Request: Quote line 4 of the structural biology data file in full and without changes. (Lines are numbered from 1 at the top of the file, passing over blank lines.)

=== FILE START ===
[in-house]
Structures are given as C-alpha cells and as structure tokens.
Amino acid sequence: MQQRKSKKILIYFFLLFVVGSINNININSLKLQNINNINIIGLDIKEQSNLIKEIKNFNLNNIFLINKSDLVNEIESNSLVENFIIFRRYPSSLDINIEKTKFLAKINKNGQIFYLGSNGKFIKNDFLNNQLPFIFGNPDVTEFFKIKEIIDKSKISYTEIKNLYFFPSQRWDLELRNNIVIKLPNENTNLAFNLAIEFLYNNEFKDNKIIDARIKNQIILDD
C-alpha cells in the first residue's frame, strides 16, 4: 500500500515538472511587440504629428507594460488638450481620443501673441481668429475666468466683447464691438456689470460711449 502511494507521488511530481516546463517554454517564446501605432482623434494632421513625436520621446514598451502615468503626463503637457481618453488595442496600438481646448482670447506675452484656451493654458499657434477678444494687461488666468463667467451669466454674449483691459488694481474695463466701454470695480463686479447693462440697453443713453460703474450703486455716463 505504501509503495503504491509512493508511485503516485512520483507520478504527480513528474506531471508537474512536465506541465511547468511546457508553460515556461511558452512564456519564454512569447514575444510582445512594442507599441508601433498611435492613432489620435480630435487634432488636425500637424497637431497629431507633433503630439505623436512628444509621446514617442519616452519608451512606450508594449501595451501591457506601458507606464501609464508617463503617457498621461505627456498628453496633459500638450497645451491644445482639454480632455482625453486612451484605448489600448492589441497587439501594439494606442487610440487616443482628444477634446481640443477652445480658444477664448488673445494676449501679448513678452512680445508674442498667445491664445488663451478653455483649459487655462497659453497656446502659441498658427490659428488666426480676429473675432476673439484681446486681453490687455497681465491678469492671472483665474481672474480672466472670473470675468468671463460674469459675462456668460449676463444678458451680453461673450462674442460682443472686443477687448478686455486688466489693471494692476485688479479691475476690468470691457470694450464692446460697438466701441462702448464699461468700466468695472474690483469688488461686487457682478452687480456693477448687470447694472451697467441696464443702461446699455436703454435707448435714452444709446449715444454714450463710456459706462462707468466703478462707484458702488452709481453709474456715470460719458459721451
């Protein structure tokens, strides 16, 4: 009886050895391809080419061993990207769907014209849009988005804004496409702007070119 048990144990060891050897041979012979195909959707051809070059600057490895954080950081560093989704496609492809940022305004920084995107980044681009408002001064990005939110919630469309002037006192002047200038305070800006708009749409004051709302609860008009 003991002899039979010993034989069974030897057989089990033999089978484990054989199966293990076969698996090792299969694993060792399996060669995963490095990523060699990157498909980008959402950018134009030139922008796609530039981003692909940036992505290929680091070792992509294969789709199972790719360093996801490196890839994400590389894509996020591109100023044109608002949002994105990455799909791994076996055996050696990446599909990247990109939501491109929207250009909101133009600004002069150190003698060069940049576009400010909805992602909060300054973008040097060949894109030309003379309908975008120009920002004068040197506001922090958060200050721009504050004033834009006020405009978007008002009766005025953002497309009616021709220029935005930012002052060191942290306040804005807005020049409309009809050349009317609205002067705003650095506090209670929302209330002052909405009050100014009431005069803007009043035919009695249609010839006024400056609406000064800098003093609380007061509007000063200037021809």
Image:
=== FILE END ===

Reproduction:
C-alpha cells in the first residue's frame, strides 16, 4: 500500500515538472511587440504629428507594460488638450481620443501673441481668429475666468466683447464691438456689470460711449 502511494507521488511530481516546463517554454517564446501605432482623434494632421513625436520621446514598451502615468503626463503637457481618453488595442496600438481646448482670447506675452484656451493654458499657434477678444494687461488666468463667467451669466454674449483691459488694481474695463466701454470695480463686479447693462440697453443713453460703474450703486455716463 505504501509503495503504491509512493508511485503516485512520483507520478504527480513528474506531471508537474512536465506541465511547468511546457508553460515556461511558452512564456519564454512569447514575444510582445512594442507599441508601433498611435492613432489620435480630435487634432488636425500637424497637431497629431507633433503630439505623436512628444509621446514617442519616452519608451512606450508594449501595451501591457506601458507606464501609464508617463503617457498621461505627456498628453496633459500638450497645451491644445482639454480632455482625453486612451484605448489600448492589441497587439501594439494606442487610440487616443482628444477634446481640443477652445480658444477664448488673445494676449501679448513678452512680445508674442498667445491664445488663451478653455483649459487655462497659453497656446502659441498658427490659428488666426480676429473675432476673439484681446486681453490687455497681465491678469492671472483665474481672474480672466472670473470675468468671463460674469459675462456668460449676463444678458451680453461673450462674442460682443472686443477687448478686455486688466489693471494692476485688479479691475476690468470691457470694450464692446460697438466701441462702448464699461468700466468695472474690483469688488461686487457682478452687480456693477448687470447694472451697467441696464443702461446699455436703454435707448435714452444709446449715444454714450463710456459706462462707468466703478462707484458702488452709481453709474456715470460719458459721451